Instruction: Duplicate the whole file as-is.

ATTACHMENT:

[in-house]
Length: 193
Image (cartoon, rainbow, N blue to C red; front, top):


[in-house]
Length: 193
Image (cartoon, rainbow, N blue to C red; front, top):